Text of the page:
Eur. J. Entomol. 110 (1): 129-134, 2013 | DOI: 10.14411/eje.2013.018

The occurrence and preference of Botanophila flies (Diptera: Anthomyiidae) for particular species of EpichloŽ fungi infecting wild grasses

Marlena LEMBICZ1, Karolina G”RZY—SKA1, Ziemowit OLSZANOWSKI2, Verner MICHELSEN3, Adrian LEUCHTMANN4
1 Department of Plant Taxonomy, A. Mickiewicz University, Umultowska 89, 61-614 PoznaŮ, Poland; e-mails: lembicz@amu.edu.pl; karjan@amu.edu.pl
2 Department of Animal Taxonomy and Ecology, A. Mickiewicz University, Umultowska 89, 61-614 PoznaŮ, Poland; e-mail: olszanow@amu.edu.pl
3 Zoological Museum, Universitetsparken 15, DK-2100 Copenhagen Ø, Denmark; e-mail: vmichelsen@snm.ku.dk
4 ETH ZŁrich, Plant Ecological Genetics, Institute of Integrative Biology (IBZ), Universitštstrasse 16, 8092 ZŁrich, Switzerland; e-mail: adrian.leuchtmann@env.ethz.ch

Specific associations between species frequently occur in ecological interactions. The aim of this study was to determine the preferences of anthomyiid flies of the genus Botanophila for particular species of fungi as sites for laying eggs and as food for both larvae and adults. The associations of their eggs, larvae and flies with the stromata of different species of EpichloŽ fungi infecting 7 species of grass in Poland were analyzed. Scanning electron microscopy of the surface of their eggs and an analysis of the genetic sequences of their mitochondrial cytochrome oxidase (COII) were used to identify the taxa of the flies studied. Three types of eggs were distinguished based on their shape, colour and the presence of dorsal folds and sculpturing on the shells. Tentatively, these eggs were assigned to the following species: B. laterella, B. phrenione, B. dissecta and B. lobata. COII sequences obtained from larvae that hatched from two of the types of eggs formed three distinct clades associated with the reference sequences for Botanophila phrenione, B. lobata (new to the fauna of Poland) and a putative species, "Taxon 1". Only one of these flies (B. lobata) was restricted to a single species of EpichloŽ (E. bromicola on Elymus repens); B. phrenione was recorded mainly from E. typhina infecting three different species of grass. The results of this study confirm that there is not a close species specific association between this fungus and this insect.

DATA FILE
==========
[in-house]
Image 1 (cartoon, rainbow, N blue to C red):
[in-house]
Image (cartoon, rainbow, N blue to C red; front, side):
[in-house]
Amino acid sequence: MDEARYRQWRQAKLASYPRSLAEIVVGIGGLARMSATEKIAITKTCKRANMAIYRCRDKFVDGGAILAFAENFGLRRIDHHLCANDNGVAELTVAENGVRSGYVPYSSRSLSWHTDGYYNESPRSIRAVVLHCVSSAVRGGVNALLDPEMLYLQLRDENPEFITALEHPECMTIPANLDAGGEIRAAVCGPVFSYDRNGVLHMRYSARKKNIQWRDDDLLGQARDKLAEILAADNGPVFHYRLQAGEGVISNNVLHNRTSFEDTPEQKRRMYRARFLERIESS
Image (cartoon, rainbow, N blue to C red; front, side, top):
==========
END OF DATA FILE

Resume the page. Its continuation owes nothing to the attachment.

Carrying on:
Keywords: Diptera, Anthomyiidae, Botanophila, egg morphology, fungi, Clavicipitaceae, EpichloŽ, molecular phylogeny, Poland

Received: April 10, 2012; Accepted: August 17, 2012; Published: January 2, 2013

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